US Congress is considering a plan to bail out struggling multiemployer pension plans and make them more financially solvent, according to The Washington Post.
The Treasury Department would spend as much as $3 billion a year to subsidize payments for retirees from certain underfunded pensions, according to a draft of the plan, which was obtained by The Post. It would also require benefit reductions, higher premiums, and new fees for companies and union members, while limiting taxpayer contributions.
The plan is expected to be announced before the end of November, as the Joint Select Committee on Solvency of Multiemployer Pension Plans, led by Sens. Sherrod Brown (D-Ohio) and Orrin G. Hatch (R-Utah), has set a Nov. 30 deadline to vote on a report containing findings, conclusions, and recommendations to improve the solvency of multiemployer pension plans, and the Pension Benefit Guaranty Corp. (PBGC).
“The hard-working men and women who are counting on this committee deserve a solution, and Chairman Hatch and I continue to negotiate with other members of the committee to reach a bipartisan agreement,” Brown said in a statement.
According to The Post, the plan is just one option under consideration, and does not represent a final deal.
The PBGC guarantees payment of basic pension benefits earned by approximately 40 million American workers and retirees in nearly 24,000 plans. Since 1974, the PBGC has become responsible for paying guaranteed amounts that currently cover over 1.5 million people in more than 4,900 failed single-employer and multiemployer plans, making payments of $5.8 billion annually as of fiscal year 2017.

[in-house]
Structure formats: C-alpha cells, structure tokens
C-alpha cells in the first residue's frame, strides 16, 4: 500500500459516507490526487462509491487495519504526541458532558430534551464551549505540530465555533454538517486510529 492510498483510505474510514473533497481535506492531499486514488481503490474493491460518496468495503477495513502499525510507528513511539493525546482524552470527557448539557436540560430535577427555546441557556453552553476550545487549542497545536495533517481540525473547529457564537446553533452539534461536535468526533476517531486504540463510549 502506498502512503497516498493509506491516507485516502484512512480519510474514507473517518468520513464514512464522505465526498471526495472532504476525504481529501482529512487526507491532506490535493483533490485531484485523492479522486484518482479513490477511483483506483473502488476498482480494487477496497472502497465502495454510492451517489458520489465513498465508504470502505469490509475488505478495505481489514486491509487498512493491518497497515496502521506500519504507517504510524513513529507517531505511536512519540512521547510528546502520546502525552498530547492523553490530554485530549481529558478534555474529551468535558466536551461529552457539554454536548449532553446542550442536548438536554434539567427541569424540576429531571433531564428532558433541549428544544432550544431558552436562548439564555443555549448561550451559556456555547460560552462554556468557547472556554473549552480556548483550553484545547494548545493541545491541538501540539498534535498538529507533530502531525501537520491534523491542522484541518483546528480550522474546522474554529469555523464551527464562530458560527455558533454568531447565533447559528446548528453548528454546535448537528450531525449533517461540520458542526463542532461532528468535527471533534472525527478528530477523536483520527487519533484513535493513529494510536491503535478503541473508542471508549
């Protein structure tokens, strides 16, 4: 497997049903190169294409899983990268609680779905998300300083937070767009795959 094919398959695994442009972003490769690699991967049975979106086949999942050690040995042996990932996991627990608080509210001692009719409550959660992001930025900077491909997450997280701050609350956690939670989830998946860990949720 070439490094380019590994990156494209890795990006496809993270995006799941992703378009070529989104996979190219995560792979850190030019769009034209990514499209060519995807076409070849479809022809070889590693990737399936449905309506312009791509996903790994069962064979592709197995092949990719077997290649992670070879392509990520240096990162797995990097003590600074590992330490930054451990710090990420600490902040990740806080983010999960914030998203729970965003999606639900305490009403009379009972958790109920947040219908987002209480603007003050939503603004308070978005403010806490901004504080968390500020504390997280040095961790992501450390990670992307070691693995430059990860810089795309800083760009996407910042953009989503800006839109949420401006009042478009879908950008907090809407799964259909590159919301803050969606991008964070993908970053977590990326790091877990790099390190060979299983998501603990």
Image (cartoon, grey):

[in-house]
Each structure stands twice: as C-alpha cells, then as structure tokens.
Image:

While the single-employer program is thriving, PBGC Director W. Thomas Reeder has warned that the multiemployer program “remains in deep deficit” and is projected to run out of funds within the next several years.
Multiemployer plans were weakened by recessions in 2001 and 2008, which decreased rates of unionization, and led to overall decreases in employment in some industries. Bankruptcies and plan withdrawals led to a decline in employer contributions to multiemployer plans, and many smaller employers went bankrupt as others laid off workers or reduced working hours.
According to the PBGC, this led to a sharp rise in minimum required contributions, and a “significant number of employers” responded by ending their participation in one or more of the multiemployer plans they previously supported.
“The challenges we face in the Multiemployer Program are increasing as the date of the program’s insolvency grows closer,” Reeder wrote in the PBGC’s 2018 annual report. “As more time passes, the changes required to prevent insolvency become more disruptive and painful for participants, plans and employers.”